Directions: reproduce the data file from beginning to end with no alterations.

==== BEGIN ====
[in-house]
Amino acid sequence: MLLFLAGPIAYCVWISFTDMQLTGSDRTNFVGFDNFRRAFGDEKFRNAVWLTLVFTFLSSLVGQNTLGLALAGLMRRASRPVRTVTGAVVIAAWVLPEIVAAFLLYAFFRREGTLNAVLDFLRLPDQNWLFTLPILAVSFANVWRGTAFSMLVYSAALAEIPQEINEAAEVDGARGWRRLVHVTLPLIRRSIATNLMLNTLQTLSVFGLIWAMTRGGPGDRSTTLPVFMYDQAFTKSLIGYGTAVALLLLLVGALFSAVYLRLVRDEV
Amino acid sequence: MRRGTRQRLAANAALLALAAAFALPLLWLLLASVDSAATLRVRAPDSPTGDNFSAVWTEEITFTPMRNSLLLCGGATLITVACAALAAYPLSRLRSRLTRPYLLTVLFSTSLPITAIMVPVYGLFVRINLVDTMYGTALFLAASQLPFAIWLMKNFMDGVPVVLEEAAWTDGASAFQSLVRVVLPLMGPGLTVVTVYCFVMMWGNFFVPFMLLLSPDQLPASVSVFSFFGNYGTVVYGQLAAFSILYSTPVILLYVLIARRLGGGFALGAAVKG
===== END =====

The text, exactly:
[in-house]
Amino acid sequence: MLLFLAGPIAYCVWISFTDMQLTGSDRTNFVGFDNFRRAFGDEKFRNAVWLTLVFTFLSSLVGQNTLGLALAGLMRRASRPVRTVTGAVVIAAWVLPEIVAAFLLYAFFRREGTLNAVLDFLRLPDQNWLFTLPILAVSFANVWRGTAFSMLVYSAALAEIPQEINEAAEVDGARGWRRLVHVTLPLIRRSIATNLMLNTLQTLSVFGLIWAMTRGGPGDRSTTLPVFMYDQAFTKSLIGYGTAVALLLLLVGALFSAVYLRLVRDEV
Amino acid sequence: MRRGTRQRLAANAALLALAAAFALPLLWLLLASVDSAATLRVRAPDSPTGDNFSAVWTEEITFTPMRNSLLLCGGATLITVACAALAAYPLSRLRSRLTRPYLLTVLFSTSLPITAIMVPVYGLFVRINLVDTMYGTALFLAASQLPFAIWLMKNFMDGVPVVLEEAAWTDGASAFQSLVRVVLPLMGPGLTVVTVYCFVMMWGNFFVPFMLLLSPDQLPASVSVFSFFGNYGTVVYGQLAAFSILYSTPVILLYVLIARRLGGGFALGAAVKG